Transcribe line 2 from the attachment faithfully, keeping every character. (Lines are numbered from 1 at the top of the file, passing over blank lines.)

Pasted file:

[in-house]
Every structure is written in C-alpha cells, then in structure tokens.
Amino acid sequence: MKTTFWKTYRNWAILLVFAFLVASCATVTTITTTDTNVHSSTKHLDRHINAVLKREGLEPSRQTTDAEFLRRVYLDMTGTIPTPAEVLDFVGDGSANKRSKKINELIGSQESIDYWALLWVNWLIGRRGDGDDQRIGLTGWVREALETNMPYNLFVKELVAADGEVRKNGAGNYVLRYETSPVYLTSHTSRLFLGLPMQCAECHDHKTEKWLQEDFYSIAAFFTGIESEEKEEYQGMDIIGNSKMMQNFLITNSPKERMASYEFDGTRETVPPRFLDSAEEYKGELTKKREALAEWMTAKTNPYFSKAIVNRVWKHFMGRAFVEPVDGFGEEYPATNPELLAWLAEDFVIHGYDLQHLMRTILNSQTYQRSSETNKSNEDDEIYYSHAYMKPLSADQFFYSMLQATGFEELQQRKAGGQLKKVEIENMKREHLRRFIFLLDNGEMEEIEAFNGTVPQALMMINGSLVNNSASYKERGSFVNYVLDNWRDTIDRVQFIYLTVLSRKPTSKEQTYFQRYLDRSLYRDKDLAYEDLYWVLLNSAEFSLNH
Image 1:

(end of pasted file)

Every structure is written in C-alpha cells, then in structure tokens.